Even taking account of the Democrats' traditional love of lavish government programs, the current gusher quite takes your breath away. In just the first two months of his term, President Obama has proposed the largest increase in federal spending since World War II. If his budget in enacted, the national debt will be close to 100 percent of GDP in nine years. The Obama/Pelosi/Reid triumvirate is massively increasing government debt at the same time that individuals are struggling to reduce their private debt. So Mr. and Mrs. Jones are cutting back on meals out at restaurants, new clothes, new cars, and fancy cell phones, while the government is going into deep debt on their behalf to pay for windmills, universal preschool, and lots of new transfer payments dressed up as "making work pay." In other words, the state is taking decisions about how much debt Mr. and Mrs. Jones will incur out of their hands. The Joneses will have to pay back the debt some time (or their children will), but they will not be paying off their own purchases or their kids' college educations. Instead they will be paying for the Democrats' dream agenda. As the Wall Street Journal's Stephen Moore notes, "Most of the money that has been borrowed since September 2008 has been used to bail out irresponsible borrowers, failed financial institutions and car companies, and for expansions of welfare programs. ... Any unbiased assessment of the return on investment ... for these programs would find dismally low payoffs for taxpayers."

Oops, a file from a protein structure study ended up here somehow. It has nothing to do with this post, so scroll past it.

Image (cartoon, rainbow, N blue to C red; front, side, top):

The sheer size of this proposed debt is making even Europeans quake. German Chancellor Angela Merkel has three times declined the urging of Obama administration officials to mimic America's debt spree. Some Europeans are even becoming role models for Republicans. As Veronique de Rugy reports in National Review Online, Sen. Judd Gregg, R-N.H., introduced an amendment "to ensure that the budget of the Federal Government is put on a sustainable path by prohibiting consideration of a budget resolution that does not meet the minimum standard of budgetary discipline as defined by the Treaty on European Union (the Maastricht Treaty): a budget deficit no larger than 3 percent of GDP and government debt no larger than 60 percent of GDP." The amendment was rejected.
Sen. Gregg, nobody's idea of an hysteric, is profoundly worried: "... if you take all the debt of our country run up by all of our presidents from George Washington through George W. Bush, the total debt over all those 200-plus years since we started as a nation, it is President Obama's plan to double that debt in just the first five years that he is in office."
To quote the theme song of the TV show "Monk," "If you paid attention, you'd be worried, too."
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